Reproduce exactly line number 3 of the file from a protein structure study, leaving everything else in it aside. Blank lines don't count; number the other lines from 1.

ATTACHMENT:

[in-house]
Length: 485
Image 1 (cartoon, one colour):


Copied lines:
Image 1 (cartoon, one colour):